20-5-421. Emergency use of epinephrine in school setting. A school, whether public or nonpublic, may maintain a stock supply of autoinjectable epinephrine to be administered by a school nurse or other authorized personnel to any student or nonstudent as needed for actual or perceived anaphylaxis. A school that intends to obtain an order for emergency use of epinephrine in a school setting or at related activities shall adhere to the following requirements:
(1) A school that stocks an epinephrine autoinjector shall develop a protocol related to the training of school employees, the maintenance and location of the epinephrine autoinjector, and immediate and long-term followup to the administration of the medication, including making a 9-1-1 emergency call.
(2) The epinephrine autoinjector must be prescribed by a physician, advanced practice registered nurse, or physician assistant. The school must be designated as the patient, and each prescription for an epinephrine autoinjector must be filled by a licensed pharmacy.
(3) The school shall provide training to authorized personnel. The training must include causes of anaphylaxis, recognition of signs and symptoms of anaphylaxis, indications for the administration of epinephrine, the administration technique, and the need for immediate access to a certified emergency responder. Training must be provided by a school nurse, certified emergency responder, or other health care professional.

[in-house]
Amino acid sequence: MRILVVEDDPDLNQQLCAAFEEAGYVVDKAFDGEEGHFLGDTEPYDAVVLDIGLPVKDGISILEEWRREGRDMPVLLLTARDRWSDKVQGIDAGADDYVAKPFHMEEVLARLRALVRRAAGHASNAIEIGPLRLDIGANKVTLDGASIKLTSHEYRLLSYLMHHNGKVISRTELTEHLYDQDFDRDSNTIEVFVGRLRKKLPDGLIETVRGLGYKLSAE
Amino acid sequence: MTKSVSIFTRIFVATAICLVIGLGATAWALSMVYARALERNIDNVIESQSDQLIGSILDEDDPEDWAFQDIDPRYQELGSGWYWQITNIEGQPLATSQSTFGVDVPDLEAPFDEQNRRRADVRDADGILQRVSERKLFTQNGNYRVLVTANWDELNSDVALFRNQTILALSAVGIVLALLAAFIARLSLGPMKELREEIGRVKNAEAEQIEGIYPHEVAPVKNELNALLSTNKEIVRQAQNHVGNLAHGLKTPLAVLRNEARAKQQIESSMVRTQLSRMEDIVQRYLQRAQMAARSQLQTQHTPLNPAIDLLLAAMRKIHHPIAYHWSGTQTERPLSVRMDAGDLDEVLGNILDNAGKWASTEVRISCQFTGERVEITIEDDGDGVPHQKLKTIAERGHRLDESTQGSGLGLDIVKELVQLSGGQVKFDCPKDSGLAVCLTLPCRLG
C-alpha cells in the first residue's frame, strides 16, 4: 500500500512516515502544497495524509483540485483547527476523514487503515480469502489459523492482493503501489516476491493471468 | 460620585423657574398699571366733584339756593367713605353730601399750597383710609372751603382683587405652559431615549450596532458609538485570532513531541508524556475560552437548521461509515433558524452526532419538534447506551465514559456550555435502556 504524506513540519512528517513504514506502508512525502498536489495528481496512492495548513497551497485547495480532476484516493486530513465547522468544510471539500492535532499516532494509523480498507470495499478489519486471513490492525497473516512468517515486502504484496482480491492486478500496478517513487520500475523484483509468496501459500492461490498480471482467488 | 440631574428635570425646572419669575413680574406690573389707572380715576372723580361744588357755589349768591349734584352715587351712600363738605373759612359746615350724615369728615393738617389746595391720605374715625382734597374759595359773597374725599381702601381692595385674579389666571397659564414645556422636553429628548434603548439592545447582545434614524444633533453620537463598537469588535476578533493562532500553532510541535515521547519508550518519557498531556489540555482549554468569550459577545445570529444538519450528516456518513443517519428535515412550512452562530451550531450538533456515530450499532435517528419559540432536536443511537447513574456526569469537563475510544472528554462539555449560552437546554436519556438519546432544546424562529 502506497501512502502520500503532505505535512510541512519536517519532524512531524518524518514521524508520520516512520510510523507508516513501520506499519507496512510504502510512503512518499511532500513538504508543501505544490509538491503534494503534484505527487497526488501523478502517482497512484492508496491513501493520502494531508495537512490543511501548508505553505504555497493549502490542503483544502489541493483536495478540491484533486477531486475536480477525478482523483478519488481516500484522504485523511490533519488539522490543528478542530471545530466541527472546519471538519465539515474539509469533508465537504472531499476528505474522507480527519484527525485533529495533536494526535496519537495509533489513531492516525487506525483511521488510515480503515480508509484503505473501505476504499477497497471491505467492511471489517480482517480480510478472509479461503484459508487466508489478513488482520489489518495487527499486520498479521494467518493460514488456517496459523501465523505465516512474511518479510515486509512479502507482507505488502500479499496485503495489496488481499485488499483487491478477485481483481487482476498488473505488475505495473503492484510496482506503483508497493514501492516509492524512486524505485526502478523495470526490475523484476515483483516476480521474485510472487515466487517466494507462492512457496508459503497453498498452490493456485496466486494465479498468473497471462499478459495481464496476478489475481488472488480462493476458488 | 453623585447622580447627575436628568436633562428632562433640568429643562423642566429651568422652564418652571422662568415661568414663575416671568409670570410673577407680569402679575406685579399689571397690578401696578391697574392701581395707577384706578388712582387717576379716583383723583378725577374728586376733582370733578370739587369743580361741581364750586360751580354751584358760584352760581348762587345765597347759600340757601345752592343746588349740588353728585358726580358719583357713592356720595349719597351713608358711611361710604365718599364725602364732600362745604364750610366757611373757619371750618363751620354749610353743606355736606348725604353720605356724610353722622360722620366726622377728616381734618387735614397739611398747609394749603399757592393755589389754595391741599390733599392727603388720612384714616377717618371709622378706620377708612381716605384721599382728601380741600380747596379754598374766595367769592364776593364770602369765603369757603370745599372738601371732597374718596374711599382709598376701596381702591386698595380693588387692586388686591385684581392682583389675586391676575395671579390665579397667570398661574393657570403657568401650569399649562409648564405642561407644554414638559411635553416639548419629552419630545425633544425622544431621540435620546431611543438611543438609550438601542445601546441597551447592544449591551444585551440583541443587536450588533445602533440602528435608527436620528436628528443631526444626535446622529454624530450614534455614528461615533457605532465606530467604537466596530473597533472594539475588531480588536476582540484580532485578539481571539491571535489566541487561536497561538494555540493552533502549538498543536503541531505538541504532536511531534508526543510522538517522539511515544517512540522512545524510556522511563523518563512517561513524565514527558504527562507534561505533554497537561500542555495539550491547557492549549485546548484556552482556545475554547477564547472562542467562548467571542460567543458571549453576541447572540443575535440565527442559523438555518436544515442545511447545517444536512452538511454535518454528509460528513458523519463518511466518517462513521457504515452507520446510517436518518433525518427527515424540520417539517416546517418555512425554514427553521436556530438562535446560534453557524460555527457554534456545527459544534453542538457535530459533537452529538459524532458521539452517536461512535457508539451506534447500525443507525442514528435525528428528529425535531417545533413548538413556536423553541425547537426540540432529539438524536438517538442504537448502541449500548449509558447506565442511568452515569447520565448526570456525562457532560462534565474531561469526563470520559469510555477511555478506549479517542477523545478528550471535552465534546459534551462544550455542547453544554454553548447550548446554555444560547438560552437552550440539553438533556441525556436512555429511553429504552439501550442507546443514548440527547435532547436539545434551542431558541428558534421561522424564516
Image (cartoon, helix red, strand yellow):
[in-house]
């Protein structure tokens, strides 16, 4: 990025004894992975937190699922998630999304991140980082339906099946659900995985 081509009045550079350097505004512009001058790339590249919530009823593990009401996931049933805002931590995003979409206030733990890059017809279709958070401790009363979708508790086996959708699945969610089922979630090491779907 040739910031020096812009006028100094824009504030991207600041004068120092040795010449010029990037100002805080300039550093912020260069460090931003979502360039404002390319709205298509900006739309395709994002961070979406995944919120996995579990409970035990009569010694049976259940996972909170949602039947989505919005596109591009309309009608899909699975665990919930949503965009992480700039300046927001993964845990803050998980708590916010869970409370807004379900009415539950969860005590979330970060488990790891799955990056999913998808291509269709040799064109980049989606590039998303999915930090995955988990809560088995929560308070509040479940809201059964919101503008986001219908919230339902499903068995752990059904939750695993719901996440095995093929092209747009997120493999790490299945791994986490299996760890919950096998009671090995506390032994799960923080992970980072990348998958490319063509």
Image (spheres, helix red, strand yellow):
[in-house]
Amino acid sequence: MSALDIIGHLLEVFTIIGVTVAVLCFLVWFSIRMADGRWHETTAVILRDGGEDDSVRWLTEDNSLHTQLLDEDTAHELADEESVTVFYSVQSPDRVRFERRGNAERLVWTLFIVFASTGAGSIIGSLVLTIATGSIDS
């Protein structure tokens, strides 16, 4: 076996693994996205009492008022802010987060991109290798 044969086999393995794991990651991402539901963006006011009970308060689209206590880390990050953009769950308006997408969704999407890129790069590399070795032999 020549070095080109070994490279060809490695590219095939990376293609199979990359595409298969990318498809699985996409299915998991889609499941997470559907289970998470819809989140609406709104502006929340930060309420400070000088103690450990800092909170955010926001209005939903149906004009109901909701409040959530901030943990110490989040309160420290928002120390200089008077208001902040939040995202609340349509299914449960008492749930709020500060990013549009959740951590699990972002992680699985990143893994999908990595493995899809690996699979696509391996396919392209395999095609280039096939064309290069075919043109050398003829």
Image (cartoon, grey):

(4) The epinephrine autoinjector must be kept in a secure and easily accessible location.
(5) A school nurse or other authorized personnel may, in good faith, administer the epinephrine to any student or nonstudent who is experiencing a potential life-threatening anaphylactic reaction based on the protocol developed by the school.
(6) If a school stocks an epinephrine autoinjector that has been prescribed to the school, that school shall inform parents or guardians about the potential use of the epinephrine autoinjector in an anaphylactic emergency. The school shall make the protocol available upon request.
(7) In accordance with the provisions of 27-1-714, a school district or nonpublic school and its employees and agents are not liable as a result of any injury arising from the administration of epinephrine to a student or nonstudent unless an act or omission is the result of gross negligence, willful or wanton misconduct, or an intentional tort.
History: En. Sec. 2, Ch. 189, L. 2013.